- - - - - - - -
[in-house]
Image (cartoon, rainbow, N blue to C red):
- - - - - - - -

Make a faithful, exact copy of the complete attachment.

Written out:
[in-house]
Image (cartoon, rainbow, N blue to C red):